self.ArrayGetStatus = [responseGetStatusString componentsSeparatedByString:@","];
    }
}

@end

FV_Live_ViewController.h

#import <UIKit/UIKit.h>
#import "FV_Data.h"

@interface FV_Live_ViewController : UIViewController {
    IBOutlet UILabel *energia;
}

@property (nonatomic, retain) FV_Data *PVOutputData;

@end

FV_Live_ViewController.m

#import "FV_Live_ViewController.h"

@implementation FV_Live_ViewController

-(void)viewWillAppear:(BOOL)animated{

    self.PVOutputData = [[FV_Data alloc] init];

    [self.PVOutputData richiediGetStatistic];

    energia.text = [self.PVOutputData.ArrayStatistic objectAtIndex:0];
}

@end
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I'd suggest you consider adopting Apple's established naming conventions, specifically using camelCase, lower case first letter for variables, only using leading uppercase letters for classes, not using underscores, etc. –  Rob Sep 24 '13 at 19:57

3 Answers 3

up vote 1 down vote accepted

Your connectionDidFinishLoading is successfully completing a download, but you don't appear to be doing anything to tell the view controller to do anything to update the user interface when the data requests are done. You want to do that, because the loading process takes place asynchronously. For example, if you initiate this process in viewDidLoad, the loading will, invariably, not completely until well after viewDidLoad finished.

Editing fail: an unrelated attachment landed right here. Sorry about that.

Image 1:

You need to provide some mechanism by which FV_Data can inform FV_Live_ViewController that the request is complete, at which point you will have your view controller update the UI with the new data. The two typical approaches are:

  • Implement your own delegate-protocol pattern, a fairly traditional solution to this sort of problem, by which your FV_Data can inform the view controller that the request is done. See Delegation Pattern in the Cocoa Core Competencies). This is analogous to the NSURLConnectionDataDelegate methods that you've implemented in FV_Data, but in this case, rather than being a mechanism for the NSURLConnection to inform FV_Data of information, it would be a mechanism for FV_Data to inform FV_Live_ViewController.

  • Use completion blocks, a more contemporary solution, which FV_Live_ViewController can inform FV_Data what to do when the request is done. This is analogous to what you see in AFNetworking, or Cocoa methods like sendAsynchronousRequest.